And when you’re losing going into that final minute, the sensation is intensified. The dressing room at Goodison on Sunday will have been bouncing after that dramatic turnaround – and there will be a buzz around the training ground this week. Which is why David Moyes quite rightly described the victory over Tottenham as a possible season-changer. Winning in that fashion gives everyone confidence that no cause is ever lost – and doing it against a good team like Tottenham gives everyone the belief that fourth place is not just a temporary position in the table.
The manager is absolutely right when he says that his current Everton team is not shamed by their league placing. In fact given a little better fortune with refereeing decisions this season the Blues could be even higher up the table. It’s not just Blues fans who are talking about the possibility of Champions League qualification, there are plenty of TV and media pundits doing just the same, and it’s good to hear.
Most people agree that Manchester United and Manchester City are a cut above the rest of the Premier League. Domestically, they are two exceptional teams, and will be fighting it out for the title once again. But below them Chelsea might boast some very, very good players, but with all their problems they are beatable – as West Ham showed last week – and below that there are five or six teams all jostling for that crucial fourth place finish.
Stoke City is next up in that fight for fourth – and even though Tony Pulis’ men are unbeaten at home and boast the Premier League’s best defensive record, I don’t think Everton have anything to fear going to the Britannia Stadium. Sure, it will be a tough test, but this Everton side is capable of adapting its game to counter whoever they come up against. The Blues have height and physicality in Jagielka, Distin and Fellaini, they have solidity in Gibson while Nikica Jelavic will make his presence known up front as well. I have no issues at all with Stoke’s style of play. They play to their strengths and get knocked for it, but if their manager is happy, their fans are happy and the players are happy it’s really got nothing to do with anyone else.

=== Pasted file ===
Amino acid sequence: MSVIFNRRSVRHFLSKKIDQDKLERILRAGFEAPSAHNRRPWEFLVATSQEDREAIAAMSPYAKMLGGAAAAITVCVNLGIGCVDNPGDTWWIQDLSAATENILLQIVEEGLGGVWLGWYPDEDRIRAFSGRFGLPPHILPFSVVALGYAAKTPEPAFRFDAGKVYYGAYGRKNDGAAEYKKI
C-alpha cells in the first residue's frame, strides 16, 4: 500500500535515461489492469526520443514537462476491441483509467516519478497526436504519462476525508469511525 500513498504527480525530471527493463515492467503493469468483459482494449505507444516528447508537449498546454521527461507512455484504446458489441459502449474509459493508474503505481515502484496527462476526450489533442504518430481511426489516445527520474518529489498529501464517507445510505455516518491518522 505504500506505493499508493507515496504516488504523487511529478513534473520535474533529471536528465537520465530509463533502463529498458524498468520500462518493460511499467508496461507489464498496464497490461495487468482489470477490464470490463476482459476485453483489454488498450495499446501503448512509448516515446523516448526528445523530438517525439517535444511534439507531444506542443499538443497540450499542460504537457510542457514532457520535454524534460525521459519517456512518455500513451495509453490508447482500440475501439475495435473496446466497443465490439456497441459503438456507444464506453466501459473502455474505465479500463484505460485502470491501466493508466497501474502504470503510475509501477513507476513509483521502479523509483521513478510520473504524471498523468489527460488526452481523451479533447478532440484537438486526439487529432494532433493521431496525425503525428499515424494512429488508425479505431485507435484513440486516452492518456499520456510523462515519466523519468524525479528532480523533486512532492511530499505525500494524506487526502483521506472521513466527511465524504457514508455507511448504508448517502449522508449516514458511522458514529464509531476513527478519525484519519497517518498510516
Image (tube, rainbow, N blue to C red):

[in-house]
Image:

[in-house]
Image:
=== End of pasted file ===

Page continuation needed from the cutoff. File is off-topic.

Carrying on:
The Everton side I played in always had problems with the Wimbledon side of the 1980s and 1990s, but we still won more than our fair share of games against them – including one of the most important games in the club’s history on the last day of the 93/94 season! David Moyes’ side is more than capable of going to Stoke this weekend and picking up at least a point, hopefully three – and if the win came in the last minute I can guarantee no-one will be complaining again!